Spin on This
Talitha Kotzé hears the graphic details about the Recoat’s birthday bike bash
Aficionados of the fixed-gear bike – or fixie – are wheeling into the Recoat to make new work in honour of the Glasgow gallery’s two-year anniversary. Taking inspiration from Kirkpatrick MacMillan, the Scottish blacksmith who built the first mechanically propelled two-wheel vehicle in 1839, and Chris Hoy, the 2008 Olympic medallist, the 11 artists are sharing their love of cycling and the Scottish biking tradition as well as their mastery of graphic art and graffiti.
Located just off Great Western Road, Recoat was set up by partners Amy Whiten from Fife and Alistair Wyllie from Helensburgh to showcase work from Scottish designers specialising in illustration, street art and photography. The two met when they were studying in Dundee, after which they travelled extensively, producing art works in Japan, New Zealand, Australia, South Africa and Europe.
‘The space survives on sales and sponsorship in kind,’ says Whiten. ‘But people need to feel comfortable before they buy so we try to make both the artworks and the possibility of buying accessible to all people. It is a huge juggling act. To pay our mortgage in addition to running the gallery, we do spray-painting workshops, commissions, social work – the graffiti of letters can be a great help with literacy problems, art therapy and fit in our own practice. I think it is important for the scene to be practitioners as well as organisers. To have our own space is pure freedom.’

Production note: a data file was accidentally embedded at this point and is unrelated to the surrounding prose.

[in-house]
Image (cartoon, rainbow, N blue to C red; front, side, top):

Wyllie confirms that the global financial meltdown led to fewer sales this year. Despite this, the gallery’s reputation is growing. ‘Last year’s aim was to do things outside the space,’ says Whiten who has participated in T in the Park and One Creative Scotland, and has had shows in Urban Outfitters and other satellite exhibitions. ‘Our plan for the longer term is to represent artists. In 2010 we aim to have a London show. We also aim to have more exchanges and invite other artists to help push the scene here.’
‘We have to remember urban art is a very young form,’ says Wyllie, who is well aware that it is only 30 years since New York City graffiti artists ‘invented’ the art form during the mid-1970s recession as an act of cultural subversion. To establish the gravitas of an art form takes a long time, especially when the history of the aerosol boom – the tagging, the bombing, the throw-ups and the style wars – is still being written. Taggers, though, are becoming more sophisticated, working with an arsenal of materials and taking inspiration from the cross-over success of Banksy.
Joining the birthday bike fun, Wyllie (aka Rektor) will use a carbon disk wheel as canvas, while Whiten (aka Syrkus) will make a zoetrope producing the illusion of a skidding fixed gear bike out of old bike parts. Other participating artists include Will Barras, ilovedust, Derm, Waste and Sums.
‘You have to work so hard to get any level of exposure,’ says Whiten. ‘It doesn’t just drop on your plate. In addition to being talented, artists have to be confident, pro-active and continuously searching for it.’
‘Absolutely’, adds Wyllie. ‘You are not going to sell work in your bedroom.’
Now, go take your fixie for a spin.
Spin on This, Recoat Gallery, Glasgow, Sat 8 Aug–Sun 6 Sep